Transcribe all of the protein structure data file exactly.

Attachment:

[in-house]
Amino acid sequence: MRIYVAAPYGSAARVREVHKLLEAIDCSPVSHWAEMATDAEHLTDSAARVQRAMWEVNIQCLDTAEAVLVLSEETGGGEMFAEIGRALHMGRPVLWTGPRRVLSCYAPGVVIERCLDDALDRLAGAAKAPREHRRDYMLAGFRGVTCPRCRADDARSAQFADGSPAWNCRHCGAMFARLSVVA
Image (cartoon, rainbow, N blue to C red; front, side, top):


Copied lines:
[in-house]
Amino acid sequence: MRIYVAAPYGSAARVREVHKLLEAIDCSPVSHWAEMATDAEHLTDSAARVQRAMWEVNIQCLDTAEAVLVLSEETGGGEMFAEIGRALHMGRPVLWTGPRRVLSCYAPGVVIERCLDDALDRLAGAAKAPREHRRDYMLAGFRGVTCPRCRADDARSAQFADGSPAWNCRHCGAMFARLSVVA
Image (cartoon, rainbow, N blue to C red; front, side, top):